In a small, thatched hut in a refugee camp on the Ethiopian border with Somalia, a group of women is having an animated discussion about the appropriate age for marriage.
Miryama*, a 16-year-old holding a small baby of her own, says she won't choose the same path for her daughter that she took herself. Like many girls in this community, Miryama was forced to abandon school when she was just 14 to marry an older man.
The Aw Barre refugee camp, a dry outpost in a rural region of Ethiopia, shelters 11,000 Somalis who fled civil war in southern Somalia since 2006. Somalia, with its capital Mogadishu, has suffered through war and anarchy for the last 18 years. A recent insurgency by religious radicals displaced almost 2 million people in the last several years. One million of those are displaced inside their own country, while hundreds of thousands are refugees in northeast Kenya. Tens of thousands have found refuge in Ethiopia.
The IRC has been working in the Aw Barre camp since 2007, ensuring that women and girls have access to lifesaving services like medical care, and at the same time organizing activities to challenge attitudes and beliefs that perpetuate violence.
In this hut, IRC social workers have organized a weekly "tea talk," a forum in which refugees discuss issues ranging from gender roles, early marriage, to domestic and sexual violence. Men and women meet separately so they feel free to express themselves.
Some of Miryama's peers question her conviction. Two girls around her age argue that trying to finish secondary school would be a mistake. By the time they could finish - when they're anywhere from 18 to 20 - they would be too old to find suitable husbands, they say.
An older woman adds her voice to the conversation. "Girls should go to school and be educated," she says. "Then they can get married." In the background is the sound of popcorn popping, and the smell of strong, black tea - steeped in milk and served with an enormous helping of sugar.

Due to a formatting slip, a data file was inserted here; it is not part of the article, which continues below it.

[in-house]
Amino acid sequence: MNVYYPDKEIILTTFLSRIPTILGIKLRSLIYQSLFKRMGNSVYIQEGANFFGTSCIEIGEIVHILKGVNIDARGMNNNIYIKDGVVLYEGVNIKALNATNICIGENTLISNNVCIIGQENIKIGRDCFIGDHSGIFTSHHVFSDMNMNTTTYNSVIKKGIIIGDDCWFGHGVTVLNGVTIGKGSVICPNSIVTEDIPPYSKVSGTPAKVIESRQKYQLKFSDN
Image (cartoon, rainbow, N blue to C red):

In another hut nearby, a group of men from the camp discuss the same topic with an IRC staffer who, like them, is Somali. The older men in this "tea talk" worry how their daughters will find husbands if they are too old. A few younger men break the trend, saying that they prefer to wait for a wife who has received an education.
Sunita Palekar, IRC's gender-based violence response coordinator in Ethiopia, welcomes community debate around an issue like early marriage. "Our goal is to begin raising awareness about the consequences of violence against women and girls, not only for survivors but for families and communities," she says. "When communities have safe spaces to talk and to challenge harmful beliefs, they also start to find solutions to daily problems together."
Back with the women, the conversation has turned to camp services available for survivors of sexual, physical, and other types of violence. Many women, although now aware of places to safely receive medical and psychosocial support, express fear of being rejected by family and neighbors should they be seen seeking services to treat assault. They point to the sense of shame or guilt that often surrounds violence against women and girls, and they're skeptical that reporting a crime will lead to any real action.
An IRC social worker known to colleages as Asha reviews with women the steps that IRC and partner organizations take to maintain confidentiality, to protect the safety and security of survivors, and to ensure that anyone seeking services is treated with respect. She knows that not all of these women and girls feel comfortable coming forward when they need help, but the number of women that do come forward has been increasing. And today, for as long as this "tea talk" continues, they're able to ask questions, access information and talk about what kind of community Miryama might help build for her little girl.
*not her real name